INDIANAPOLIS – Tony Kanaan overcame a second crash to qualify for this year’s Indianapolis 500 on Sunday.
The former IndyCar Series champion made it onto the starting grid, posting a four-lap average of 224.072 mph with 30 minutes left in qualifying. That was good enough to bump rookie Sebastian Saavedra out of the 33-car starting field.
Kanaan will start 32nd.
It’s the first time the Brazilian will start outside the first two rows in eight Indy starts, but after a dreadful weekend for Andretti Autosport, they’ll take it.
From Kanaan’s crashes to Danica Patrick’s contentious comments, the Andretti Curse was back in full force at Indy – right up until the final moments when Kanaan managed to stay off the Bump Day bubble.
Saturday’s pole-day qualifying started with a run Marco Andretti described as “pathetic,” and yet the 23-year-old had the best starting position of anyone on his dad’s five-car team. Marco will start 16th, the inside of Row 6.
Kanaan and Patrick had even worse weekends.
Patrick, the series’ most marketable personality, jumped out of her car after Saturday’s sub-par run and immediately blamed the team for her poor performance – comments that drew boos from the crowd.
A day later, after questioning the booing, Patrick tempered her response, though her assessment seemed to be spot on.
“I was a little emotional yesterday,” she said in a television interview. “I was still shaking when I did the interview because we were on a very, very ragged edge out there.”
But it was Kanaan and his crew who were in the most desperate situation after Kanaan hit the wall in the first turn for the second time in less than 24 hours.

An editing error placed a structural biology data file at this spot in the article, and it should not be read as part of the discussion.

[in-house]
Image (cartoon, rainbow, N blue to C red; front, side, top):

His crew recycled the top of Kanaan’s backup car, and pieced together body parts from both of Kanaan’s wrecked cars, both of Ryan Hunter-Reay’s cars and Marco Andretti’s backup. The mechanical parts came out of Hunter-Reay’s qualified car.
Four hours later, Kanaan was shaking down the rebuilt car with another problem – it couldn’t reach qualifying speed.
Finally, in the last hour, Kanaan posted consecutive laps topping 223.8 – good enough to make the field – and put the car immediately in qualifying line, where he delivered one of the best clutch performances of his career.
Kanaan wasn’t the only big name dealing with tension Sunday.
Brazil’s Bruno Junqueira, the 2002 Indy pole winner, earned one of the nine open spots Sunday with the fastest qualifying average of the day – 225.662.
Sarah Fisher’s four-lap average of 224.434 put a record fourth woman in the starting field and was the quickest of the four. A fifth woman, Venezuela’s Milka Duno, failed to qualify on all three of her attempts Sunday.
But in a stunning twist at the end, Paul Tracy, who lost the Indy 500 title in the disputed finish of 2002, withdrew his speed and failed to requalify.